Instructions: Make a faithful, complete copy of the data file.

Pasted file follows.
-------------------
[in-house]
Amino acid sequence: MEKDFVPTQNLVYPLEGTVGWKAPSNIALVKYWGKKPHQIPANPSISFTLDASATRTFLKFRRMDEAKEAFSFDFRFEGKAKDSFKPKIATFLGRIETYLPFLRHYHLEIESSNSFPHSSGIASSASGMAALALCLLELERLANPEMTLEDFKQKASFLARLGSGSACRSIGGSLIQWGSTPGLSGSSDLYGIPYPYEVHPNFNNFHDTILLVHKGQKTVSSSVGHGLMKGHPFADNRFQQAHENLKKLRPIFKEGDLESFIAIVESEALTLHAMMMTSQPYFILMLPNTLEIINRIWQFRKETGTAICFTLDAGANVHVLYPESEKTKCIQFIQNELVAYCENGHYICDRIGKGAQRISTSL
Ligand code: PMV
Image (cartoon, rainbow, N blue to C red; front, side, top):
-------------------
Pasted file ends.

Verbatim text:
[in-house]
Amino acid sequence: MEKDFVPTQNLVYPLEGTVGWKAPSNIALVKYWGKKPHQIPANPSISFTLDASATRTFLKFRRMDEAKEAFSFDFRFEGKAKDSFKPKIATFLGRIETYLPFLRHYHLEIESSNSFPHSSGIASSASGMAALALCLLELERLANPEMTLEDFKQKASFLARLGSGSACRSIGGSLIQWGSTPGLSGSSDLYGIPYPYEVHPNFNNFHDTILLVHKGQKTVSSSVGHGLMKGHPFADNRFQQAHENLKKLRPIFKEGDLESFIAIVESEALTLHAMMMTSQPYFILMLPNTLEIINRIWQFRKETGTAICFTLDAGANVHVLYPESEKTKCIQFIQNELVAYCENGHYICDRIGKGAQRISTSL
Ligand code: PMV
Image (cartoon, rainbow, N blue to C red; front, side, top):